Not Mellow about the MVP

mushi Roar Guru

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    NBA Finals players LeBron James and Kevin Duran (AFP)

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    Father Christmas my wish list is simple. No diamond rings or Mercedes Benz. No pining for the Wigfield, George Michael, Mariah Carey or which ever other pop singer decides she wants you for Christmas.

    I just want people that watch the NBA to start valuing defence.

    I know it seems a lot to ask. We’ve had three MVP awards in recent years go to players so that couldn’t guard the back up at their position from scoring 20 and setting the table for their team mates.

    Last year there was a ground swell of support to anoint Kevin Durant, an offensive juggernaut no doubt and decent defensive player, the MVP ahead of LeBron James, one of the top three players at both ends of the court having an “all-time” year as a player.

    Sanity thankfully won out but sadly it looks like we’ve got another fight on our hands this year.

    This year it is Carmelo, yes undoubtedly one of the league’s best scorers. He’s lifted his game and gone from volume scorer to efficient volume scorer. Which puts him in the rarefied class of the Durants and Lebrons.

    Sadly though on the defensive end, the now faint praise he receives is that he’s a break even or passable defender.

    It is the ever endearing argument that the best offensive player on the best team must be in contention. Apparently basketball is not played with five players each that try to stop the other team from scoring. It is the ultimate in confirmation bias: that guy must be good, ’cause I keep seeing him score.

    There are two parts to basketball, your team putting the orange in the hole and stopping the other team from putting the orange in the hole. We need to start valuing both when talking about who are the most important players in the league.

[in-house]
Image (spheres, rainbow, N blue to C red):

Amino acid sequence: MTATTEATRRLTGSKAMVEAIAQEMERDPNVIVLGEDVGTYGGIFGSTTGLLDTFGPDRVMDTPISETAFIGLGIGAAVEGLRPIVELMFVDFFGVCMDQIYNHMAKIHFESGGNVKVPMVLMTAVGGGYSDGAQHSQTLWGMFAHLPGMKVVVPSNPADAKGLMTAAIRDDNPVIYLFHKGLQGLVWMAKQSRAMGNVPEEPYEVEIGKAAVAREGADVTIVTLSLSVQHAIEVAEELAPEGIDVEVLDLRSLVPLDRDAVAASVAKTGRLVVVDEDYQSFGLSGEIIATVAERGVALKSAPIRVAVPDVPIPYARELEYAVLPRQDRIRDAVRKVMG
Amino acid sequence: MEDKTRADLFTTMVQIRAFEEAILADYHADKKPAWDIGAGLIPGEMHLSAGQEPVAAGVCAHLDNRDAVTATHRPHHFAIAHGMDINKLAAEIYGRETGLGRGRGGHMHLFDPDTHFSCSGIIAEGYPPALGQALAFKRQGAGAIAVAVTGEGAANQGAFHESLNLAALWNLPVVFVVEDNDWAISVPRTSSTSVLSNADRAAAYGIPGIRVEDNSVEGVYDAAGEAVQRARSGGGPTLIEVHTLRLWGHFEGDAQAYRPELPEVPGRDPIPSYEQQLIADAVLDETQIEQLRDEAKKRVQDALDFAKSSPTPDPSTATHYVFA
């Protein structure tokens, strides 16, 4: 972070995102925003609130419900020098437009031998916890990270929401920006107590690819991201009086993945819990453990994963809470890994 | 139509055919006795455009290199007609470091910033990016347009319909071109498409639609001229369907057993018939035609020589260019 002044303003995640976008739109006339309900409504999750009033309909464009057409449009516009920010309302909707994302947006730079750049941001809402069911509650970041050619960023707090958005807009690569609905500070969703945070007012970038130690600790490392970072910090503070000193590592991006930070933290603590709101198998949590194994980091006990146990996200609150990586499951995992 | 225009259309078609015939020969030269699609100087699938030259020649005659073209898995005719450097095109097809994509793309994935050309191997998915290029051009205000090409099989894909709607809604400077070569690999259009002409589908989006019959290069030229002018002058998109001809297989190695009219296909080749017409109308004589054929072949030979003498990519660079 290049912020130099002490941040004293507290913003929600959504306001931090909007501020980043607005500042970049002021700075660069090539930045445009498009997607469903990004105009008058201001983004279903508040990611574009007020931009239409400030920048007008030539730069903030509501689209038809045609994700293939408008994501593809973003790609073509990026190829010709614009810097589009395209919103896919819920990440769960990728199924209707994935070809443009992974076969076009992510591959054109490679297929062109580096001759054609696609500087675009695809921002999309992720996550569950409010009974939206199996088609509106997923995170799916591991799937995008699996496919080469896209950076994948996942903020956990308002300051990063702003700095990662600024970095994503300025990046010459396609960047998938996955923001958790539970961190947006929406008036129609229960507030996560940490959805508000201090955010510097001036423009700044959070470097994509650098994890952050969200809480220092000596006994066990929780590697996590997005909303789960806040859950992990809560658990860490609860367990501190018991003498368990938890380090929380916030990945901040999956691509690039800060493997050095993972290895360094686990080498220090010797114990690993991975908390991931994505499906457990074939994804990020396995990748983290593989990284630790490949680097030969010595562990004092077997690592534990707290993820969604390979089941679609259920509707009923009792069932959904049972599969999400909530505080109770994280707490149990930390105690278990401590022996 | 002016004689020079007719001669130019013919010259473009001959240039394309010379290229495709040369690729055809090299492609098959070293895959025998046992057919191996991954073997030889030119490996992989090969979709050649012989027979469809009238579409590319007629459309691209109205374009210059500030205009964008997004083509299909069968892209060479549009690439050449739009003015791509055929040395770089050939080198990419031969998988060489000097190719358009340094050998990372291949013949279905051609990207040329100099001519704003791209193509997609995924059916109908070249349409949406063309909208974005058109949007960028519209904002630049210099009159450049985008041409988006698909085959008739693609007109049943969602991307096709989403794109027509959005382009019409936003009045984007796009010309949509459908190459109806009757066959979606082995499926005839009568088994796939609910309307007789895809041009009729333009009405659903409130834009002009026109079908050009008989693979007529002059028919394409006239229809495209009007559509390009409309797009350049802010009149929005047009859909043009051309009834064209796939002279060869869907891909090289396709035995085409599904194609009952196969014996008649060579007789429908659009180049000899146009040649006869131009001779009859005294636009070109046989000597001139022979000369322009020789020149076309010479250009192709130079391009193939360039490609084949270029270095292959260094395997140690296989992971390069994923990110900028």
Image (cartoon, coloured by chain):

The Melo for MVP argument also misses the point that LeBron, Durant and Paul are still better offensive players scoring more easily and helping their team mates more than Melo does, even in his best year.

    Yes Melo is the best offensive player on what may be the best regular season team in the NBA.

    However to attribute the success of the Knicks to Melo suggests you don’t follow basketball and appreciate what Woodson has the Knicks doing.

    They move the ball more than in the previous seasons allowing Melo’s supporting cast the opportunity to hit shots at a career high rate. Tyson Chandler is again doing his best to paper over the cracks in their defence.

    Watch the Bulls game where they basically dared the Knicks to run the game through Melo. It put them back into a 2011-12 Knicks mould and stagnated their offence.

    This is not a knock on Melo, who has made enough little adjustments to go from really only being a top 25 player to a top ten, but it is just the stark reality that there is a clear top super elite of three players in the NBA.

    But that does not mean the Knicks can’t win a championship with Melo as their best player.

    It just means that until he gets better at both running an offence and defending he just won’t be a part of the game’s big three.